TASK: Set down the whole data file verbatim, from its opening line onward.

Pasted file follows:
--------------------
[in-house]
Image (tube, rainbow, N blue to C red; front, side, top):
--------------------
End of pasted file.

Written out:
[in-house]
Image (tube, rainbow, N blue to C red; front, side, top):